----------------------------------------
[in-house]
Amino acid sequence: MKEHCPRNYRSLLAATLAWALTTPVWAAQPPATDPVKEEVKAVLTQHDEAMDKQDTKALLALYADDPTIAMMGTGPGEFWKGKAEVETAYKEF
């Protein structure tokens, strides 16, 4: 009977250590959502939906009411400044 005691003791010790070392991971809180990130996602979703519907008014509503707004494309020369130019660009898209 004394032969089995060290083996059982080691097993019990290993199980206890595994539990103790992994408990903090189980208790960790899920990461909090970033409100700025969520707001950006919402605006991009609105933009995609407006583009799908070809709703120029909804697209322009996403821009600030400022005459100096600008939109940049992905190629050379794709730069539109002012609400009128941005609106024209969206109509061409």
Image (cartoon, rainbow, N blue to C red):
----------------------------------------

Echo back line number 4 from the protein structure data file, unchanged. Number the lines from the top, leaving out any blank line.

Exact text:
Image (cartoon, rainbow, N blue to C red):